They finished 23 GB and haven’t made any substantial upgrades. You can blame that on injuries and Braun’s suspension and that definitely was part of it. With the West and East not expected to be runaways again, I wouldn’t hold out hope that the Brewers magically win the division or a Wild Card slot.
Beyond that, what does Morales really do for them? He might have a good April playing 1B until he gets hurt and eats up a ton of their money on the DL.
I always point out to people that the only thing the Brewers need to compete next season is health, especially from Braun and Ramirez. They were in the lineup together for only 28 games last season.
The team lost 42 of 88 games by one or two runs. A healthy and productive Braun and Ramirez makes up a lot of that difference.
I’d say the East belongs to the Nats.
Tim, what do you mean that there’s no surprise that Craig Counsell joined the front office?
Who is that guy and why isn’t it surprising?
Is Counsell a Sabermetrics kind of guy or what? And what is his baseball philosophy?
Counsell is a former MLB shortstop – if you check out the year by year signings, the Brewers signed him on one year deals for each of his last three seasons before retirement (in fact he played for them in 6 of his last 8 seasons). I think it was a more tongue in cheek comment about how many times they signed him to play in the organization.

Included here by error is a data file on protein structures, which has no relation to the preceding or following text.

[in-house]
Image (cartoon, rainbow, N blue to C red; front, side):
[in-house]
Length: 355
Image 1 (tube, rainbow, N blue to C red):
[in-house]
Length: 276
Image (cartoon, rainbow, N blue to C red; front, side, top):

Agree. He is a WI native, really close to Milwaukee and his family lives here. Plus a fan favorite too.
The family connection to the organization goes back to when Craig’s dad, John Counsell, was the Brewers’ community relations director in the 1980s. The (now sadly defunct) middle school I attended, Jackie Robinson M.S., had a special partnership with the Brewers, so the elder Mr. Counsell showed up there with players on special occasions. I still have somewhere a sheet of notebook paper with the autographs of Mike Felder, Billy Jo Robideaux, and Glenn Braggs when they came to my school in ’87. That same year, I remember being sad that I wasn’t picked to play in the intramural softball game that featured Juan Nieves at pitcher. I loved that school; no doubt it played a role in my being such an avid baseball fan to this day.